AGRICULTURE and the EFFECTS on the ENVIRONMENT Gianenzo SpagnuoloAgriculture takes up a massive amount of land. In 2018 it was recorded that across South Africa, 21% of all developed farming land is used for fields, while 31% is deemed mixed farming. The number of natural resources needed to manage and expand a farm successfully depends heavily on the type of crop cultivated. Agricultural effects on the environment also reduce natural resources through biodiversity loss. However, all is not lost. Large farming groups have recently adopted programs and teams to improve the overall health of historical vegetation.
Natural resources are limited, and while alternatives to mass-produced commercial products used in farming could be introduced to the market, their higher production and overall costs would make purchasing them less desirable. Each type of agricultural crop will require a different setup for its success, and these differences in setups change their natural resource footprints.
A widely utilised product in orchards and vineyard agriculture is irrigation piping, usually made from high durability plastics and PVC. When setting up a new field, large diameter PVC pipes are set up for the main irrigation supply line; these underground pipes can span kilometres from where a pump house is located. Once set up at the distribution site next to a field, smaller, flexible pipes are used for the irrigation and delivery of water to drippers or spray heads along crop rows.

Field planting on a large scale requires a different irrigation approach to cover more expansive, denser fields of crops. Traditionally large metal spray systems are used to pivot around a fixed central location; these long metal arms swing around and spray the crops from above.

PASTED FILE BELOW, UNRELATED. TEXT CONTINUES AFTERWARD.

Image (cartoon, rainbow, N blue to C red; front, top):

The massive amounts of plastic used on farms tend to be stockpiled once replaced or entirely removed from old fields. These resources then lay in junk piles or are thrown into landfills. This leaves an everlasting stain on the landscape as recycling and repurposing the materials is costly and often unavailable.
Regardless of the irrigation method used for each type of agriculture, a massive amount of water is consumed daily. In the summer months and growing seasons, fields are irrigated up to three times a day, and millions of litres of water are used each season.

In rainy seasons, storage dams along main waterways or secondary man-made dams are filled using water pumped from the river-filled dams or underground reservoirs. When these are depleted, the use of water from other rivers causes the water levels to drop, and underground reservoirs from boreholes to dry up. With the threats of climate change and reduced annual rainfall, our precious water resources are further limited due to unsustainable farming.
Other notable resources commonly used in agriculture are petrol, diesel and oil for farm machinery. Modern tractors and large vehicles are more eco-conscious; however, they come with a hefty price tag.
Farmers that desire their products to have a higher value in international markets are looking into projects that give their farms a more eco-conscious footprint. Large farms have rivers and natural pockets of vegetation from before they were cultivated.
These pockets are being mapped, and work is being undertaken to remove invasive species, conserve the biodiversity native to the land, and create new natural pockets from old farming land. Care is also being taken to reduce water use and the health of waterways to limit toxins from farming activities leaching downstream.